Merging courts: Change will come
It is beyond doubt that merging the Russian Supreme Court and the Russian Supreme Commercial (‘Arbitration’) Court will affect the way all cases are considered, antimonopoly cases among them. This change can be attributed less to different approaches of the lawyers, i.e. the judges of one of the highest judicial institutions of the country, than to other factors which are responsible for the huge impact that the Russian Supreme Commercial (‘Arbitration’) Court has had over an extended period on how economic relations are regulated in Russia.
For instance, the Court has taken into account the existing economic rules when deciding how to interpret legal regulations; it has largely applied international practices in spheres where the legislation has not kept up with the way things actually are; it has bound together the interests of a large number of parties affected by the decisions it has adopted (taking account of the public and private interests of various social groups, including business people); and, probably, the most important factor – it has created a hierarchy, a sequence for legal positions to be put into practice.
Whether the work of the Supreme Commercial (‘Arbitration’) Court is evaluated positively or negatively, it is important that the system has become not only predictable but effective. In numerous cases, the legal position of the Russian Supreme Commercial (‘Arbitration’) Court has bridged judicial gaps which the legislature was not able to handle. In addition, the highest court constantly adjusted the existing regulations to the changing economic environment.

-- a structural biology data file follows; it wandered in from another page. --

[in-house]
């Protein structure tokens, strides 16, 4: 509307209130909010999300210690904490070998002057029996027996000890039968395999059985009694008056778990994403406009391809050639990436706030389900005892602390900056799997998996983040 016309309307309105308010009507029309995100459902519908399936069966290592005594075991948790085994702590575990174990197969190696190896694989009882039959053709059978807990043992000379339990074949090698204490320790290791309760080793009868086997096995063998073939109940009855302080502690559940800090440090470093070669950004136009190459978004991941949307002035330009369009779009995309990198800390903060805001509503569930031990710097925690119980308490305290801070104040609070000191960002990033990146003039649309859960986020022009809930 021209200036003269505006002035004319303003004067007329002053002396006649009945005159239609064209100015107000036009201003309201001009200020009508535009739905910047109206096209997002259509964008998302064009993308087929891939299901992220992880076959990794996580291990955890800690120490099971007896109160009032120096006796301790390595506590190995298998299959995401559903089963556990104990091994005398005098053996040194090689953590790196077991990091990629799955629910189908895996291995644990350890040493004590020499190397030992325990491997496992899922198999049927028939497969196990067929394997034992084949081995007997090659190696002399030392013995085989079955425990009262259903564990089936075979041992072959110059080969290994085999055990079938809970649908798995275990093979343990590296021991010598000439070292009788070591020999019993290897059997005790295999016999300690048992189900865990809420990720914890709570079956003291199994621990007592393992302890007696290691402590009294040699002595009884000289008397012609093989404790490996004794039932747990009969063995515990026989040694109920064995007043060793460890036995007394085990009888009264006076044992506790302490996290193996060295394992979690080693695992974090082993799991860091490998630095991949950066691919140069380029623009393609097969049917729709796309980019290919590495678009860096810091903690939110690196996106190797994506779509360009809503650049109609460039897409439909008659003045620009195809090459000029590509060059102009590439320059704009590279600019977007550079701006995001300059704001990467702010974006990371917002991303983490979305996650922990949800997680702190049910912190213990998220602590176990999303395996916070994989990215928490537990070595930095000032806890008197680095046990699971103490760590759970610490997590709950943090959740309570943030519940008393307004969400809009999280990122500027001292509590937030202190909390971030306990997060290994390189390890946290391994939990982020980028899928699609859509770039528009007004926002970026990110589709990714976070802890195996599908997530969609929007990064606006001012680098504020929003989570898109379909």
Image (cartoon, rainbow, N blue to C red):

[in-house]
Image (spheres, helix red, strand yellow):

It is obvious that some time will pass before the new Russian Supreme Court starts functioning efficiently.
Needless to say, antimonopoly disputes will be among those affected. The greatest challenge will be to preserve the uniform practice which the Supreme Commercial (‘Arbitration’) Court has endorsed. Otherwise, similar disputes will result in different judicial decisions, which will result in business entities taking decisions against a backdrop of increasingly ambiguous economic and legal conditions. Such consequences cannot be avoided but it remains unclear how long this uncertainty will last.
The procedure for considering cases is also likely to change. A judicial body that has for decades resolved “disputes between individuals” (may the judges of the Supreme Court forgive me for making their powers sound so inconsequential) will not be able to adopt immediately a business perspective for considering legal disputes. The Russian Supreme Court has always assessed the consequences of its decisions for the specific individual who is the litigating party. For this reason the new court is likely to focus more on individuals’ interests when interpreting many legal regulations. Thus, in antimonopoly cases, the judges will not see before them an entrepreneur litigating with a state body but an entrepreneur whose actions affect the interests of a large social group.
If this happens, the new Russian Supreme Court will take into account the interests of much larger social groups when taking decisions as compared to individual judicial acts of the former Russian Supreme Court and the Russian Supreme Commercial (‘Arbitration’) Court.
We do not have long to wait until we see how the Russian judicial system will develop. But change will come.